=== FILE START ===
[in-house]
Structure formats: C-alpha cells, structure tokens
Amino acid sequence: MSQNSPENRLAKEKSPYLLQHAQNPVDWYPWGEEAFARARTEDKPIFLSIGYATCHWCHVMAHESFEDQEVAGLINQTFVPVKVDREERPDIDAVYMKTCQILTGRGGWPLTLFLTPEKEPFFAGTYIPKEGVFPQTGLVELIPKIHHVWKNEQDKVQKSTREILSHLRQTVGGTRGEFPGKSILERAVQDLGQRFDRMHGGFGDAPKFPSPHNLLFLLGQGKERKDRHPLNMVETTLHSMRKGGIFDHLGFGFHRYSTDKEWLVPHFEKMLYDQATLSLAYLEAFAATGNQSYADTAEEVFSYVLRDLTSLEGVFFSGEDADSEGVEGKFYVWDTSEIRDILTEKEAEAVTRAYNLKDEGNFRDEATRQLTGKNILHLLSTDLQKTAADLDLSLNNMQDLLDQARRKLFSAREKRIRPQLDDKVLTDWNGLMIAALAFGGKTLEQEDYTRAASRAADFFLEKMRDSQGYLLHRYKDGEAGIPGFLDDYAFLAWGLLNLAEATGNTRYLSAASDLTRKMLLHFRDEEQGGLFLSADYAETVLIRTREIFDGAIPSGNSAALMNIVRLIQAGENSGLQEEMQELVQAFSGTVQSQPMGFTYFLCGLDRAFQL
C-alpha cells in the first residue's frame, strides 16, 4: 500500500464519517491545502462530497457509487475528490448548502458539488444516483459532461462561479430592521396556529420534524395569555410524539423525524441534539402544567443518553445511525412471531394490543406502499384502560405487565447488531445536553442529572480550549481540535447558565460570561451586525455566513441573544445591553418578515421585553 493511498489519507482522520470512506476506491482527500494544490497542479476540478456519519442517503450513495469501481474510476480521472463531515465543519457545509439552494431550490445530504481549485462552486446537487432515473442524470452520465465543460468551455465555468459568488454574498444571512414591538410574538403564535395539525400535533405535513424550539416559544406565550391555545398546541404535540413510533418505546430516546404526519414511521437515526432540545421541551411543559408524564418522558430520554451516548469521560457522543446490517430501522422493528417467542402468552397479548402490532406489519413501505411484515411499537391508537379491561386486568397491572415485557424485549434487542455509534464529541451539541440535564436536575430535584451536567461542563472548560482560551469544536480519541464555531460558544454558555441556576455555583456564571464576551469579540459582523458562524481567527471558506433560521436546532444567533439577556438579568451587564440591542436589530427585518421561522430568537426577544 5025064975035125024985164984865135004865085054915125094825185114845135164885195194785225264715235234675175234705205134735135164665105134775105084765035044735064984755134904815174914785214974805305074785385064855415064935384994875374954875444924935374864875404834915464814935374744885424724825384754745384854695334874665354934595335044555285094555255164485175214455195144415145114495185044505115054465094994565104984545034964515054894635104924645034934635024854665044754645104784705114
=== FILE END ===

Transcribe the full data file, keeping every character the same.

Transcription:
[in-house]
Structure formats: C-alpha cells, structure tokens
Amino acid sequence: MSQNSPENRLAKEKSPYLLQHAQNPVDWYPWGEEAFARARTEDKPIFLSIGYATCHWCHVMAHESFEDQEVAGLINQTFVPVKVDREERPDIDAVYMKTCQILTGRGGWPLTLFLTPEKEPFFAGTYIPKEGVFPQTGLVELIPKIHHVWKNEQDKVQKSTREILSHLRQTVGGTRGEFPGKSILERAVQDLGQRFDRMHGGFGDAPKFPSPHNLLFLLGQGKERKDRHPLNMVETTLHSMRKGGIFDHLGFGFHRYSTDKEWLVPHFEKMLYDQATLSLAYLEAFAATGNQSYADTAEEVFSYVLRDLTSLEGVFFSGEDADSEGVEGKFYVWDTSEIRDILTEKEAEAVTRAYNLKDEGNFRDEATRQLTGKNILHLLSTDLQKTAADLDLSLNNMQDLLDQARRKLFSAREKRIRPQLDDKVLTDWNGLMIAALAFGGKTLEQEDYTRAASRAADFFLEKMRDSQGYLLHRYKDGEAGIPGFLDDYAFLAWGLLNLAEATGNTRYLSAASDLTRKMLLHFRDEEQGGLFLSADYAETVLIRTREIFDGAIPSGNSAALMNIVRLIQAGENSGLQEEMQELVQAFSGTVQSQPMGFTYFLCGLDRAFQL
C-alpha cells in the first residue's frame, strides 16, 4: 500500500464519517491545502462530497457509487475528490448548502458539488444516483459532461462561479430592521396556529420534524395569555410524539423525524441534539402544567443518553445511525412471531394490543406502499384502560405487565447488531445536553442529572480550549481540535447558565460570561451586525455566513441573544445591553418578515421585553 493511498489519507482522520470512506476506491482527500494544490497542479476540478456519519442517503450513495469501481474510476480521472463531515465543519457545509439552494431550490445530504481549485462552486446537487432515473442524470452520465465543460468551455465555468459568488454574498444571512414591538410574538403564535395539525400535533405535513424550539416559544406565550391555545398546541404535540413510533418505546430516546404526519414511521437515526432540545421541551411543559408524564418522558430520554451516548469521560457522543446490517430501522422493528417467542402468552397479548402490532406489519413501505411484515411499537391508537379491561386486568397491572415485557424485549434487542455509534464529541451539541440535564436536575430535584451536567461542563472548560482560551469544536480519541464555531460558544454558555441556576455555583456564571464576551469579540459582523458562524481567527471558506433560521436546532444567533439577556438579568451587564440591542436589530427585518421561522430568537426577544 5025064975035125024985164984865135004865085054915125094825185114845135164885195194785225264715235234675175234705205134735135164665105134775105084765035044735064984755134904815174914785214974805305074785385064855415064935384994875374954875444924935374864875404834915464814935374744885424724825384754745384854695334874665354934595335044555285094555255164485175214455195144415145114495185044505115054465094994565104984545034964515054894635104924645034934635024854665044754645104784705114